More seriously, Jones has made extremely dangerous, libelous claims that have caused innocent people great distress and nearly resulted in a shooting. He got sued a while ago by a Turkish businessman, who runs a yogurt factory in America. The man makes a point of employing immigrants and asylum seekers. The city where his business is located was hit by a series of rapes. Jones claimed they’d been committed by the Turkish bloke’s employees. They hadn’t, the man sued and won.

Then there was the Sandy Hook massacre, another school shooting. It’s a terrible tragedy, made worse by Jones’ paranoia. He’s convinced, or appears convinced, that such shootings are being deliberately staged to provide a pretext for the American government to pass legislation outlawing guns. From which the government will establish a dictatorship, forcing the American people into refugee and concentration camps. One of Jones’ nonsensical claims was that Barack Obama was going to declare a state of emergency and then have the American public rounded up into FEMA camps. Of course, no such thing has happened.

Jones claimed the Sandy Hook school shooting had similarly been staged, and that the parents shown grieving over the loss of their children were really ‘crisis actors’. It’s nonsense, and offensive nonsense, but that has stopped those who believe it pestering the parents to come clean and confess that it’s all fake.

And then there’s the incident when a gunman walked into a Boston pizza parlour looking for the kids that were allegedly being kept there ready to be abused by Democratic politicos. This was the rumour going round, according to which the abused kids were to be ordered up by their abusers with the pizza toppings used as a kind of code for what type of child the politicos wanted. In the meantime, the kids themselves were kept in an underground dungeon. A few years ago a bloke walked into the parlour off the street with a rifle demanding to be shown the dungeon so he could free the children. The parlour staff showed him that they didn’t have a dungeon, but only the cabinet where the business’ junction boxes were located, and a backroom which had their computer and lots of pizza boxes. All normal, no kids waiting for abuse. The gunman was satisfied with this, and gave himself up to the cops. It was a dangerous incident that very nearly could have ended in bloodshed. Even today, apparently, the parlour boss and his staff still get people demanding where they’re keeping the kids for abuse.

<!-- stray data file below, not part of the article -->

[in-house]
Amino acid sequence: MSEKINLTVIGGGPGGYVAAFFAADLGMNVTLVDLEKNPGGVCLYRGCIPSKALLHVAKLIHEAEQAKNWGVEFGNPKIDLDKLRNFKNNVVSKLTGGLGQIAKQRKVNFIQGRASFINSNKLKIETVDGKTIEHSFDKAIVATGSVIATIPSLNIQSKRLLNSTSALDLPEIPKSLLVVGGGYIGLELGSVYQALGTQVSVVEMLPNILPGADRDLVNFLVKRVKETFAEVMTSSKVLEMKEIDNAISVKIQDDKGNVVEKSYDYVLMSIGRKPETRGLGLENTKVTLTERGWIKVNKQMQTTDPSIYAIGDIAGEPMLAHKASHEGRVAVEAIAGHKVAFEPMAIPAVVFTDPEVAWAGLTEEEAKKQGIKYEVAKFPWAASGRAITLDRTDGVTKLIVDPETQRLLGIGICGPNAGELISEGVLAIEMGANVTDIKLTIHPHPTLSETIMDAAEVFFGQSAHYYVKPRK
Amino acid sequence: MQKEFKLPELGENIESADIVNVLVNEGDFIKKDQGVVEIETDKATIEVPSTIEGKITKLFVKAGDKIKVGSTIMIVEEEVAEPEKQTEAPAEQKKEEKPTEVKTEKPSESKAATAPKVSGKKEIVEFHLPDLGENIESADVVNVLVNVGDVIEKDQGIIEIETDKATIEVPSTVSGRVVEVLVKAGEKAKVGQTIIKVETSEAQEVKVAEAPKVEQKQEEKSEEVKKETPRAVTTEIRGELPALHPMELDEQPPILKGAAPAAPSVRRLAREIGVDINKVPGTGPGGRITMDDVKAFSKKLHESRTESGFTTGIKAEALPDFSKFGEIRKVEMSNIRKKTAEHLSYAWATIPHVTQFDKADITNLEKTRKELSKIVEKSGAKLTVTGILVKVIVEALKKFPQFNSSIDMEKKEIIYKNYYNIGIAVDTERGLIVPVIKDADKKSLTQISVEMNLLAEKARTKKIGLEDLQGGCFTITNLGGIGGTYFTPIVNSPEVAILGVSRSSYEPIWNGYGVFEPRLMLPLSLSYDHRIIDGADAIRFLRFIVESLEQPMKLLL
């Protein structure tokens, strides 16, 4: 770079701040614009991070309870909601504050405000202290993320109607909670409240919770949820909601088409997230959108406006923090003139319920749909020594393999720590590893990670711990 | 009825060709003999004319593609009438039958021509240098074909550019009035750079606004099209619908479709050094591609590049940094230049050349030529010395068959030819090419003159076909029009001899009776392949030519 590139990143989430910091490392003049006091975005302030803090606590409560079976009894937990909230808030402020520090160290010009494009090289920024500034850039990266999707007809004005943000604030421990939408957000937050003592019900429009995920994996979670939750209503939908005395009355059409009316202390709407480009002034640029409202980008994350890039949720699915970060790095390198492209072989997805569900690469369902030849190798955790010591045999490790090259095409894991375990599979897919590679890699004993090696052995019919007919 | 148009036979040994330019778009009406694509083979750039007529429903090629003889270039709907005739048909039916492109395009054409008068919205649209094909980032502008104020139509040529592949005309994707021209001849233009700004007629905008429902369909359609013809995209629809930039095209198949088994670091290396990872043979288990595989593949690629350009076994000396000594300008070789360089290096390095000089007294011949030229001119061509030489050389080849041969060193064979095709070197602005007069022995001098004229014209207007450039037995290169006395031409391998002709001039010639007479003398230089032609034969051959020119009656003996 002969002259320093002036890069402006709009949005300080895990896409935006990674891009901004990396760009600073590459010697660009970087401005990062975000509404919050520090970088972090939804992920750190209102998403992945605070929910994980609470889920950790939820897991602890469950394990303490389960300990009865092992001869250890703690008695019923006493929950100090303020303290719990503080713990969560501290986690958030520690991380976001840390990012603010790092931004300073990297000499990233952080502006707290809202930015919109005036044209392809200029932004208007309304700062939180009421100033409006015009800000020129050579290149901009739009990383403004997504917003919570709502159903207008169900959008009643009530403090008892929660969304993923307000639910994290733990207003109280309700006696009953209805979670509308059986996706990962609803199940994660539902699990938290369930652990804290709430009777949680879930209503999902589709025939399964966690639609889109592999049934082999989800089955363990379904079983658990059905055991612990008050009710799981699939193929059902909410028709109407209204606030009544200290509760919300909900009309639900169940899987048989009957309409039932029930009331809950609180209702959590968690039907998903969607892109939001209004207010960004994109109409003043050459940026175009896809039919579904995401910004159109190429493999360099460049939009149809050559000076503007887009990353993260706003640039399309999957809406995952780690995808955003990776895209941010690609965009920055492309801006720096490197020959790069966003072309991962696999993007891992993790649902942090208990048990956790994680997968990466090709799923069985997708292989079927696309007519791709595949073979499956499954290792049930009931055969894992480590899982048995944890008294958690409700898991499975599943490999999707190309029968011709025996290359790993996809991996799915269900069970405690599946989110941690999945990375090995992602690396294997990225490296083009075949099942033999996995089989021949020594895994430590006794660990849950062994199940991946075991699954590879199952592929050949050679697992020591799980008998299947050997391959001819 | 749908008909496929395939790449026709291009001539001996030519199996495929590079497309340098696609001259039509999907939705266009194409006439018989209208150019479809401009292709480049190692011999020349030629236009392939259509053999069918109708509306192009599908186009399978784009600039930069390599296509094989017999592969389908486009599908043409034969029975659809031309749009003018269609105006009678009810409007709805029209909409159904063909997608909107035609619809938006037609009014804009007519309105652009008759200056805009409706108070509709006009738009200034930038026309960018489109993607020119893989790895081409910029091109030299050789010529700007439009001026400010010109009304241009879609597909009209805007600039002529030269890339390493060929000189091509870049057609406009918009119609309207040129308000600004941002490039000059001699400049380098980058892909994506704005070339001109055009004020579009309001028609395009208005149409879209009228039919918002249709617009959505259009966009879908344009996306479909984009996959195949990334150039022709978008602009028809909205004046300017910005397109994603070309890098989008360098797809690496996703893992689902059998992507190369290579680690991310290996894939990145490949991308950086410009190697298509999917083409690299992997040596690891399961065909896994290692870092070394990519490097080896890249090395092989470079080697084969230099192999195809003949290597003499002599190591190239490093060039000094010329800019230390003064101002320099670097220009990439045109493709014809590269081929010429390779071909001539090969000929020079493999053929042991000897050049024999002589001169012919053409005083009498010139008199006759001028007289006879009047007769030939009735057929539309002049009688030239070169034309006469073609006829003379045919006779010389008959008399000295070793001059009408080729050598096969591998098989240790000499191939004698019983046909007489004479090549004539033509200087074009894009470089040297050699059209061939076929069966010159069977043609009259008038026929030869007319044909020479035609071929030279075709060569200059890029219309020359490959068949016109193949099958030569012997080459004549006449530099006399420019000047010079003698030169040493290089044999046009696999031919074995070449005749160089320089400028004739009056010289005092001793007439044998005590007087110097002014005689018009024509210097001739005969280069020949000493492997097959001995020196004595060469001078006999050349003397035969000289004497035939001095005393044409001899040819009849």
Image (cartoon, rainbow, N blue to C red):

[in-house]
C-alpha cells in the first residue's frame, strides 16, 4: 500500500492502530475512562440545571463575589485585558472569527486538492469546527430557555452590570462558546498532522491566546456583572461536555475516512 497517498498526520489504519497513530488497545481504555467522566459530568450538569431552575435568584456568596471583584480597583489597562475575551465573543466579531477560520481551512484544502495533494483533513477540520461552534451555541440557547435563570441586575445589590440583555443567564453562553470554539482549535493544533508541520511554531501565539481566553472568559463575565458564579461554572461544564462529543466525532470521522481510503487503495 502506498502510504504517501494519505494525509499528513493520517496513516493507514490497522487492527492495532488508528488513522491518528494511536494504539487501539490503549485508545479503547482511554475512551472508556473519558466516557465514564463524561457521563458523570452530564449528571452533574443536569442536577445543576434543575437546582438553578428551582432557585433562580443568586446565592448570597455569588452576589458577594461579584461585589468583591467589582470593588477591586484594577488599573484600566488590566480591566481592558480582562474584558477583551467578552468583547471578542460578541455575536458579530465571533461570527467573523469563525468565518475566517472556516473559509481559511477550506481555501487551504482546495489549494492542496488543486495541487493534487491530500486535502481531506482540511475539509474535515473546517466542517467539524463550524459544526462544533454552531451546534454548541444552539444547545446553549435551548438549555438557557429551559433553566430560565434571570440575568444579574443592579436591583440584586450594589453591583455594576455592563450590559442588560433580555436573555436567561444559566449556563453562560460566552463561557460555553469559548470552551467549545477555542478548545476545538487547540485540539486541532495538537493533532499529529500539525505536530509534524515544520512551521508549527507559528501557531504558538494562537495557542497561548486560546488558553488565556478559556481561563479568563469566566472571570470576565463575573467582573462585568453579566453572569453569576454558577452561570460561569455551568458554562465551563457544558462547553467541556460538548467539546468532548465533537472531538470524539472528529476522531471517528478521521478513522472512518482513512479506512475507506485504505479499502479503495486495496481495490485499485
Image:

Jones has also appeared on British television. He turned up a little while ago on Andrew Neil’s show, where he started ranting about how Americans wouldn’t give up their guns, and 1776 would happen again if we tried to make them, before screaming nonsense like ‘metal shark!’ while the camera panned away to show Neil making the circling gesture around his temple with his finger showing precisely what he thought of Jones’ mental health.

No-one quite knows whether Jones believes the rubbish he spouts or not. Some people, who have met him personally say that behind the scenes he can be quite calm and rational. He has also formally deposed to the American courts that he doesn’t believe in what he broadcasts. His wife divorced him a few years ago, and sued for custody of their children. She was afraid for their mental health because Johnson’s TV studio was in their home. She was afraid that the children would come into it and hear all the terrifying, absurd gibberish that Jones and his guests and co-workers were broadcasting around America. Jones replied that he should retain custody of the kids, because he didn’t believe what he said. He was, he claimed, like a rodeo clown entertaining people.

I don’t know if Jones still is, but he was a staunch supporter of Donald Trump and several times had him as a guest on his show when he was campaigning for the presidency. It may therefore partly be thanks to the publicity Jones gave him that the Orange Generalissimo is in the White House.